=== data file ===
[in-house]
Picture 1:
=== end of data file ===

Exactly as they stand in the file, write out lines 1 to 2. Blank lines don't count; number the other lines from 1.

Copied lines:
[in-house]
Picture 1: